1989 saw the women's world best for 1000 miles claimed by Suprabha Beckjord as she broke Sandra Barwick's time by a mere 27 minutes. The 1991 Ultra Trio had a field of over 60 runners for all three races- unheard of considering the great distances being attempted. Al Howie came back to break his own record for 1,300 miles by 13 hours and Sandy Barwick became the first woman to run 1,300 miles in a certified race; as well she smashed the 1,000 standard by two days! In 1992 Beckjord returned to join the super elite group who have run 1,300 miles in a certified race, which totals ten men and seven women. In the 1993 1,300 miler, Istvan Sipos of Hungary broke Al Howie’s record by nearly two hours. In 1994 Antana Locs of Canada won the 1300 miler overall, and was the first person to ever complete the 1300 three times. In 1995 Georgs Jermolajevs of Latvia broke the world mark for 1300 miles in 16 days 14 hours.
Georgs Jermolajevs returned for victory in 1996 in the Sri Chinmoy 2700 Mile Race. He astounded the running world with a fabulous victory in 40 days 11 hours, an average of 66.7 miles a day, leading four other finishers across the line. Suprabha Beckjord became the first female to finish the 2700 miler in 43 days 1 hour.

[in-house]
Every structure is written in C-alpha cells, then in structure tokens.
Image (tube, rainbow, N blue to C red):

Then Sri Chinmoy announced a longer race would be held the following year. In 1997, Edward Kelley of California conquered the heat and humidity of the New York summer to win the inaugural 3100-mile race in 47 days, 15 hours- averaging 65.1 miles per day. Suprabha Beckjord became first female ever to finish 3100 miles in 51 days two hours. The runners managed the equivalent of New York to California on foot. In 1998, Istvan Sipos of Hungary out dueled Ed Kelley, leading four finishers across the line in 46 days 17 hours, a remarkable 66.3 miles per day. Five starters in 1999 were subject to temperatures reaching between 90º and 100ºF for much of a record setting July, but somehow Edward Kelley won for the second time in 48 days 12 hours. In 2000, the four starters experienced cooler days, with three finishers led by Ashprihanal Aalto of Finland in 47 days, 13 hours. Mr. Aalto repeated his win in 2001 in a small field with three finishers.